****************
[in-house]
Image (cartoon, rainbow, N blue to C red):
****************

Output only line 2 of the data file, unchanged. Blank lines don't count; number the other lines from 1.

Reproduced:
Image (cartoon, rainbow, N blue to C red):